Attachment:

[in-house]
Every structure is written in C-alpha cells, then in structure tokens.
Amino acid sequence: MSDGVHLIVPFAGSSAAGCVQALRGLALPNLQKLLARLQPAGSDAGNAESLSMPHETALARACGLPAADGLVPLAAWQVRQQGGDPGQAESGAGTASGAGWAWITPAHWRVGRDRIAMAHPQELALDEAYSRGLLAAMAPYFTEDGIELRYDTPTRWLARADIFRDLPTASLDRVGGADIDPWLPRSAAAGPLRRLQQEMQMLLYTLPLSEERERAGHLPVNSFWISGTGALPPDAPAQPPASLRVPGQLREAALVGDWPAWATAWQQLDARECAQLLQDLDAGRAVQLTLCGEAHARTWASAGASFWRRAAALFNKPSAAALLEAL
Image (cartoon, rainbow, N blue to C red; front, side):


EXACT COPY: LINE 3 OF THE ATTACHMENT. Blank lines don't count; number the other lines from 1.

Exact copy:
Amino acid sequence: MSDGVHLIVPFAGSSAAGCVQALRGLALPNLQKLLARLQPAGSDAGNAESLSMPHETALARACGLPAADGLVPLAAWQVRQQGGDPGQAESGAGTASGAGWAWITPAHWRVGRDRIAMAHPQELALDEAYSRGLLAAMAPYFTEDGIELRYDTPTRWLARADIFRDLPTASLDRVGGADIDPWLPRSAAAGPLRRLQQEMQMLLYTLPLSEERERAGHLPVNSFWISGTGALPPDAPAQPPASLRVPGQLREAALVGDWPAWATAWQQLDARECAQLLQDLDAGRAVQLTLCGEAHARTWASAGASFWRRAAALFNKPSAAALLEAL